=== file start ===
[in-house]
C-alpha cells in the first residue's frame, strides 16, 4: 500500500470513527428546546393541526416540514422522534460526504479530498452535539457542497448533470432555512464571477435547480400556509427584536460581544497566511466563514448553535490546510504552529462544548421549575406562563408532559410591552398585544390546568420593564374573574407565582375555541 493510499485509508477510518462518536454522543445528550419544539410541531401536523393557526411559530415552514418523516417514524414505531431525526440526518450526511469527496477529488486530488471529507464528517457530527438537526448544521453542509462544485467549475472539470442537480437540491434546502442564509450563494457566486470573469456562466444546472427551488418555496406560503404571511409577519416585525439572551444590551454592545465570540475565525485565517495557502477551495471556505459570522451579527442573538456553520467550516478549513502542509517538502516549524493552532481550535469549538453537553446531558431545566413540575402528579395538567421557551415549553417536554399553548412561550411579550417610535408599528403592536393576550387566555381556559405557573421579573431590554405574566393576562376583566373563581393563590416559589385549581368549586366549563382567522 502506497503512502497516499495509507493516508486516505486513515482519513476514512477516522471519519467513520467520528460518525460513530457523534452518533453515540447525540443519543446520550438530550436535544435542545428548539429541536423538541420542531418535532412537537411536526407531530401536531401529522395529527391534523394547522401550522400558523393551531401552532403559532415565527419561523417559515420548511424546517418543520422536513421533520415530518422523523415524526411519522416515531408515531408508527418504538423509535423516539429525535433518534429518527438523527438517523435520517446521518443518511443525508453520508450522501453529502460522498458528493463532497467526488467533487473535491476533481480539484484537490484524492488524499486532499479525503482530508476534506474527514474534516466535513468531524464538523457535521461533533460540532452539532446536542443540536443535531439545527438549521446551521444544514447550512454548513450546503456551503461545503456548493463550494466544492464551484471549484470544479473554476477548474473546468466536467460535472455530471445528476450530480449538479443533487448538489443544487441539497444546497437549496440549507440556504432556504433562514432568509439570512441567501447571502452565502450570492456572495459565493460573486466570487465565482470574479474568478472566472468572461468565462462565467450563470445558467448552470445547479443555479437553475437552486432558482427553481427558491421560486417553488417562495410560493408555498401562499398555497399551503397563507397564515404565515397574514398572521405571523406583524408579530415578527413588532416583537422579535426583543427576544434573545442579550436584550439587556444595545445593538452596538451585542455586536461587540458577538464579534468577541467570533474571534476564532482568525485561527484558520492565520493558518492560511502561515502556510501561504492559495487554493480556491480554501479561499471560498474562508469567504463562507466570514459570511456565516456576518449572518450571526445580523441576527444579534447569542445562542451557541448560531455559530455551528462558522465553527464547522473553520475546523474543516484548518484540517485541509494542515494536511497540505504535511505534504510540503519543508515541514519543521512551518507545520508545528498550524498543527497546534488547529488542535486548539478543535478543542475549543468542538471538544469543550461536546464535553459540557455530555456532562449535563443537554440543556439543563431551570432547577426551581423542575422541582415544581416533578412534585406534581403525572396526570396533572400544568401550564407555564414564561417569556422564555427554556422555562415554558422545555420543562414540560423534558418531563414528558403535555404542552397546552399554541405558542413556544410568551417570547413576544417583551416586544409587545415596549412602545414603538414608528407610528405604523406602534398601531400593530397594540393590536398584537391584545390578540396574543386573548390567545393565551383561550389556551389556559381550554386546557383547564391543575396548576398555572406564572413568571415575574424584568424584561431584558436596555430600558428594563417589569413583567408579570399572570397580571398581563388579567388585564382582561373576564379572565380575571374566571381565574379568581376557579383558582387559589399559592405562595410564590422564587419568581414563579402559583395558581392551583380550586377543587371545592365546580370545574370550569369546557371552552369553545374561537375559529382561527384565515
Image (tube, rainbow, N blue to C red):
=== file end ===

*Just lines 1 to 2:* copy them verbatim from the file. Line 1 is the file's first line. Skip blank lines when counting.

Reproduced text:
[in-house]
C-alpha cells in the first residue's frame, strides 16, 4: 500500500470513527428546546393541526416540514422522534460526504479530498452535539457542497448533470432555512464571477435547480400556509427584536460581544497566511466563514448553535490546510504552529462544548421549575406562563408532559410591552398585544390546568420593564374573574407565582375555541 493510499485509508477510518462518536454522543445528550419544539410541531401536523393557526411559530415552514418523516417514524414505531431525526440526518450526511469527496477529488486530488471529507464528517457530527438537526448544521453542509462544485467549475472539470442537480437540491434546502442564509450563494457566486470573469456562466444546472427551488418555496406560503404571511409577519416585525439572551444590551454592545465570540475565525485565517495557502477551495471556505459570522451579527442573538456553520467550516478549513502542509517538502516549524493552532481550535469549538453537553446531558431545566413540575402528579395538567421557551415549553417536554399553548412561550411579550417610535408599528403592536393576550387566555381556559405557573421579573431590554405574566393576562376583566373563581393563590416559589385549581368549586366549563382567522 502506497503512502497516499495509507493516508486516505486513515482519513476514512477516522471519519467513520467520528460518525460513530457523534452518533453515540447525540443519543446520550438530550436535544435542545428548539429541536423538541420542531418535532412537537411536526407531530401536531401529522395529527391534523394547522401550522400558523393551531401552532403559532415565527419561523417559515420548511424546517418543520422536513421533520415530518422523523415524526411519522416515531408515531408508527418504538423509535423516539429525535433518534429518527438523527438517523435520517446521518443518511443525508453520508450522501453529502460522498458528493463532497467526488467533487473535491476533481480539484484537490484524492488524499486532499479525503482530508476534506474527514474534516466535513468531524464538523457535521461533533460540532452539532446536542443540536443535531439545527438549521446551521444544514447550512454548513450546503456551503461545503456548493463550494466544492464551484471549484470544479473554476477548474473546468466536467460535472455530471445528476450530480449538479443533487448538489443544487441539497444546497437549496440549507440556504432556504433562514432568509439570512441567501447571502452565502450570492456572495459565493460573486466570487465565482470574479474568478472566472468572461468565462462565467450563470445558467448552470445547479443555479437553475437552486432558482427553481427558491421560486417553488417562495410560493408555498401562499398555497399551503397563507397564515404565515397574514398572521405571523406583524408579530415578527413588532416583537422579535426583543427576544434573545442579550436584550439587556444595545445593538452596538451585542455586536461587540458577538464579534468577541467570533474571534476564532482568525485561527484558520492565520493558518492560511502561515502556510501561504492559495487554493480556491480554501479561499471560498474562508469567504463562507466570514459570511456565516456576518449572518450571526445580523441576527444579534447569542445562542451557541448560531455559530455551528462558522465553527464547522473553520475546523474543516484548518484540517485541509494542515494536511497540505504535511505534504510540503519543508515541514519543521512551518507545520508545528498550524498543527497546534488547529488542535486548539478543535478543542475549543468542538471538544469543550461536546464535553459540557455530555456532562449535563443537554440543556439543563431551570432547577426551581423542575422541582415544581416533578412534585406534581403525572396526570396533572400544568401550564407555564414564561417569556422564555427554556422555562415554558422545555420543562414540560423534558418531563414528558403535555404542552397546552399554541405558542413556544410568551417570547413576544417583551416586544409587545415596549412602545414603538414608528407610528405604523406602534398601531400593530397594540393590536398584537391584545390578540396574543386573548390567545393565551383561550389556551389556559381550554386546557383547564391543575396548576398555572406564572413568571415575574424584568424584561431584558436596555430600558428594563417589569413583567408579570399572570397580571398581563388579567388585564382582561373576564379572565380575571374566571381565574379568581376557579383558582387559589399559592405562595410564590422564587419568581414563579402559583395558581392551583380550586377543587371545592365546580370545574370550569369546557371552552369553545374561537375559529382561527384565515